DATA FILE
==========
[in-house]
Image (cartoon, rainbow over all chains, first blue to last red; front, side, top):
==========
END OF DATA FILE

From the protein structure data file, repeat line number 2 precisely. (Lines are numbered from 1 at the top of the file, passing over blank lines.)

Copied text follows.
Image (cartoon, rainbow over all chains, first blue to last red; front, side, top):